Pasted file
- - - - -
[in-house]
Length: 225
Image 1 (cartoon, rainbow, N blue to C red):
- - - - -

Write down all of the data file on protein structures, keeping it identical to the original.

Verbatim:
[in-house]
Length: 225
Image 1 (cartoon, rainbow, N blue to C red):